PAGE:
Monday, August 18, 2014

Spud

Nothing looks fancier on boxers than the shiny shorts with the big waistband.

Friday, August 15, 2014

High Roller 2

How Sluggy can see any bulge as she's walking away I have no idea.

Thursday, August 14, 2014

Not So New Comic Review: Guardians of the Galaxy (1991) #46

                A visit from the Hawk God begins this issue of Guardians of the Galaxy.  Why, pray tell is this omniscient being poking his head around the plane of mortals?  Because his two “children” are acting like…well…children.  At the end of last issue, Aleta and Starhawk were fused together at the hand because of their constant bickering and fighting.  This is a punishment usually reserved for children on time-out, make them sit next to eachother and hold hands, but I guess a cosmic time-out isn’t the worst idea in the world, especially when the individual doing the disciplining is an all powerful demi-god.

                Starhawk tries to be the voice of reason in the partnership with Aleta but she acts like a petulant child and flies off, with Starhawk in tow of course, their stuck together after all.  Starhawk tries to calm Aleta down to no avail (she hasn’t shown the ability to trust him in forty-six issues) but, something flips in her head and she all of a sudden is fine with him, like nothing happened.  She realizes she needs to work together with him in order to get out of their current plight.  While I detest how Aleta is written in terms of her general attitude, having her flip-flop back and forth is just silly.  She is easily the least-likable character on the team (and this is a team with Talon!).  Anyway…Starhawk and Aleta blip out of existence to go back to the past and fix time, so Yondu’s homeworld can be destroyed later than planned (yup, that’s the reason for going back in time, not to save Yondu’s homeworld, just to prevent it from being destroyed so soon).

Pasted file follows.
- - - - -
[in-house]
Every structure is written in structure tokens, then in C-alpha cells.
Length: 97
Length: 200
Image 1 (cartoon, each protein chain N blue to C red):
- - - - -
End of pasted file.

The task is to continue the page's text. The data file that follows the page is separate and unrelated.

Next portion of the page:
The rest of the Guardians are then teleported by the Beyonder so that they can destroy Malevolence and her dear old daddy Mephisto as well as deal with the Protégé (whether that means kill the kid or not I’m not 100% sure).  Mephisto strikes first by removing the preservation spell around Vance Astro, the one that keeps him from aging at an accelerated rate.  This causes him to turn into an old guy and fall to the floor, as most old guys tend to do.  

                We quickly turn back to Aleta and Starhawk and two pages later, the timeline is restored.  Seriously, for having two uber-powerful characters on their team, the Guardians sure do get themselves in a heap of trouble every month. 

                After another quick interlude, in which Sidestep brokers a deal with Overkill (remember him?  Of course you do) we travel back to the Guardians and old man Astro.  Vance is writhing around on the floor, probably dying when all of a sudden the black on his costume springs to life.  Those with even the weakest comics knowledge probably know of Spiderman’s black costume that was actually an alien.  Spidey received that costume during the 80’s crossover Secret Wars from…you guessed it, the Beyonder!.  It seems like Vance got his own version of Spidey’s black costume from the Beyonder and it’s cocooning him so that the atmosphere no longer causes him to age.  Now, it never says that it de-ages him, so I assume that he is just hanging out in there as an old man, which would explain why he is such a miserable asshole all the time.  The suit amplifies his powers though, which causes him to take care of Malevolence and Mephisto fairly easily.  The Beyonder then shows up to reveal his backstage machinations and the Protégé (remember him?  He’s still here) wants to fight him.  Just as those two characters are ready to duke it out they are transported by the Living Tribunal to stand trial in front of a Celestial (Marvel’s giant god-like robots). 
 
                You’d think they’d try and keep this story going, seeing as how it may actually be interesting, but no.  This story is to be continued so that we can make room for the dumbest back up story in comics.  Apparently Marvel ran some kind of contest where readers could create a new hairstyle for Talon, and they ran the six “best” (and that’s a relative term) as a backup story here.   Oh Marvel, what are we going to do with you.


Next issue: Talon does a little man-scaping.